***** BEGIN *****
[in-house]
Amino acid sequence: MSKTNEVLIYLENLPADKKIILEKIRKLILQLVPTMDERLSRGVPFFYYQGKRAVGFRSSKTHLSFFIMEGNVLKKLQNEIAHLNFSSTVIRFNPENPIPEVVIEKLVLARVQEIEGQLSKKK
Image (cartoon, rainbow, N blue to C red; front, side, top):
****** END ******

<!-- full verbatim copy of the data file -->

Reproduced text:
[in-house]
Amino acid sequence: MSKTNEVLIYLENLPADKKIILEKIRKLILQLVPTMDERLSRGVPFFYYQGKRAVGFRSSKTHLSFFIMEGNVLKKLQNEIAHLNFSSTVIRFNPENPIPEVVIEKLVLARVQEIEGQLSKKK
Image (cartoon, rainbow, N blue to C red; front, side, top):